“Recommended with poultry and salads”. Such was the text on the back of a bottle of rosé wine which I had the pleasure of recently. My friend who I was with at the time remarked that he had read somewhere that rosé wine was only bought by people who drive Citroën Berlingos and similar soulless people carriers.
70% of Danish men prefer a red wine while they try to avoid rosé, yet on the odd occasion they’ll have a chilled glass of white. So says the statistics for Danish male wine drinkers. Whether anyone has bothered coming up with statistics for wine habits in relation to ownership of particularly practical cars I’m not sure. But judging by my friends take on that subject, it would appear that any male who drives a Citroën Berlingo is also perfectly comfortable with his feminine side. Of course, a Berlingo is both too modern and too irrelevant for ViaRETRO, so instead I immediately started considering whether there was a suitable classic car to go with poultry and salads. The answer is obvious:
VW Golf Karmann
The wind-in-hair version of the already very popular Golf needed five years of development from when the first three-door Golf I was first introduced. But just like its tin-top sibling, the convertible quickly rose to be one of the most successful models within its class. Both the first and almost every subsequent open Golf was produced – and partially designed – by Karmann who were equally responsible for its predecessor, the VW Type 1 Convertible. The first open prototype of the Golf was ready as early as 1976, but they hadn’t found a suitable solution for the hood yet and the design of the rear wasn’t finalised yet either. An entirely happy solution for the folded hood was never achieved and the Germans accepted the same eye sore as with the predecessor: a fat sausage of a folded hood dominating the entire rear of the car whenever its occupants wanted to enjoy a few rays of sun. Hardly the prettiest way of storing the hood, but it was at least functional.
However, as the open Golf was getting close to being production ready, there was a change of mood among the consumers – especially within the USA which was its most important market. The seventies represent the decade where many environmental and safety regulations debuted, and convertibles were suddenly viewed as being decidedly dangerous vehicles. The problem focused on the increased risk of injury if the car were to roll during an accident. VW hastily came up with a solution by adding a fixed roll bar to the Golf Karmann. It was meant to substitute the protection usually offered by a metal roof, and the Golf became the first open car to feature a factory fitted roll bar as standard equipment.
There’s no denying that the roll bar was practical, but from an aesthetically point of view it was also somewhat challenging. As such, the Golf Karmann fell victim to a rather sarcastic sense of humour from the motoring press. Often, VW would present their new convertible in bright red in much of their press material, which quickly lead to the nickname Strawberry Basket. This was perhaps not such a bad thing if they were primarily trying to attract female consumers, but it did none the less leave something to be desired for the more testosterone rich part of the population.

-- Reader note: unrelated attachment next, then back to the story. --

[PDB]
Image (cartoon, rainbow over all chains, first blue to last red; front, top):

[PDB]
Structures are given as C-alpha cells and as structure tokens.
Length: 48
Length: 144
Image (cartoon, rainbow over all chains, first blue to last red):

The Golf I Karmann came from the factory with a click on vinyl cover for the folded hood, and VW even went as far as prescribing the use of this cover every time the hood was dropped. This was found necessary to protect rear seat occupants from the sharper edges of the open joints in the hood structure. On the very earliest models, the folded hood would rest in a particularly high position and when driving on rough roads this could lead to the hood working itself out of its locked down position, after which the wind rushing over and around the windscreen would begin to erect the hood. This was eventually fixed on models after August 1981 by designing the hood so it would rest 10cm lower. There was no factory convertible based on the Golf II, but on the successor based on the Golf III, the hood folded even flatter still which improved rearward visibility considerably. A cover wasn’t strictly necessary any longer, but VW still included one mainly to protect the folded hood from getting too filthy.
Those very first Golf Convertibles are now 40 years old, so regardless how you feel about the Golf model range, they surely have to be considered as fully fledged classics. The process seems to be slow, but there’s a trend emerging where interest is increasing and with that, so are values. It happened first in its home country, but the US market where the Golf Karmann found huge popularity in period is now not far behind. But how far can the first generation VW Golf Karmann go as a prized and coveted classic car? Is it perhaps still a little too rosé-like for the classic car scene, which is after all still predominantly populated by male enthusiasts?